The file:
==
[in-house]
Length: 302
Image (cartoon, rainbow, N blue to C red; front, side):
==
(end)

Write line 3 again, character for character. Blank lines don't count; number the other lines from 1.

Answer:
Image (cartoon, rainbow, N blue to C red; front, side):